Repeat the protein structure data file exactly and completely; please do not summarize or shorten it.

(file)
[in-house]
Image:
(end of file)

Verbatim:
[in-house]
Image: